March 4, 2015 / Painting Tips / 0 Comments

I am part of a painting group through our local Nanaimo Community Centre led by Marilyn Ridsdale, a wonderfully accomplished painter and teacher. I started 5 years ago and I’m hooked. One of the cool things about this weekly gathering is the chance to paint with other people: check out their styles, celebrate their successes and as well as commiserate with their hair pulling. I also like the discomfort and feelings of accomplishment from the various exercises we do.

One exercise we do typically involves reproducing famous artist’s works, which I find fascinating. The process always goes very differently from what you originally had Lawren Harris Tributeexpected. The pieces that look the simplest are often the most challenging in the end. Example: last “semester” I painted a Lawren Harris piece. Initially it looked like a bunch of fairly broad and simple brush strokes, but there is so much more going on in his work that you only see upon close inspection (of a very small photo mind!).


My most recent reproduction from one of these exercises is a detail from a famous Jack Vettriano painting (one of my heroes). OLYMPUS DIGITAL CAMERA

Another exercise we often do is paint different genre from photos (of the original subject). This challenges you to broaden your skills in approaching different subject matter. Personally, I’m most at home doing people and animals perhaps with some landscape background, so I find doing a city-scape, for example, involves much more hair pulling (sometimes my own and sometimes that of others).






The nice thing about these exercises, as well, is that we tend to paint on smaller canvases (albeit not usually my preference). This means that the piece can typically be completed in the 2 hours with a few additional hours at home in some cases.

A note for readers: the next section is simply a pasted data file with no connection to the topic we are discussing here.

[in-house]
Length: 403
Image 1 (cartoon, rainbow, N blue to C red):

You can see my class works, and those of my class-mates, in person at the up-coming NANAIMO PARKS AND REC STUDENT ART SHOW and SALE on SATURDAY, MARCH 14TH FROM 12-3pm at BEBAN PARK SOCIAL CENTRE.


February 20, 2015 / Painting Tips / 0 Comments

Soooo, the other day in my excitement and enthusiasm in exploring, I tried a new technique that almost wrecked this lovely 30″ x 40″ oil painting that I’m rather fond of: “Tango Heat”. AAAACCCCKKK (and a few other choice words)!

I had finished this painting and thought to myself that I’d like to try putting on a thick, tinted top coat that would show brush strokes. I wanted to try another way of giving my painting the feeling of energy being emitted from the subject.


Now, I have used cold wax medium as a top coat on oil paintings before with success. So, with just a small knot in my stomach, I bravely took out my cold wax medium, some odorless mineral spirits and added a bit of raw sienna to give it that warm glow. I grabbed a big bristly brush and started applying the medium. After about 1/3 of the way through, to my horror, I noticed all these “bits” starting to appear on the painting. I’m thinking they must have been bits of lint or dust as the painting had been sitting for a while and I’d neglected to wipe it down. Fortunately, I was able to scrape it off right away so no harm was done, but that was a definite “holy crap” moment!!

Back to the drawing board!!

5 STEPS TO FINDING YOUR OWN PAINTING STYLE (Continued) STEPS #4 & #5: Finding That Unique “SOMETHING” That Sets You Apart

February 15, 2015 / Painting Tips, The Life / 0 Comments

FINDING THAT UNIQUE SOMETHING THAT WILL SET APART YOUR STYLE OF ARTWORK FROM THAT OF OTHERS. Tricky this one. There are so many artists out there and so many different styles, how do you stand out from the crowd?

OK, so I have a lot of questions and not a lot of answers yet. But, I think this is where the playing, experimenting, leaving the fear and hesitation at the door and just trying different ideas comes into play. If you’ve experienced any niggles in your brain or gut that have been whispering “what if I tried this?”, this is where you need to listen. I believe it’s your “core being” trying to give you some hints.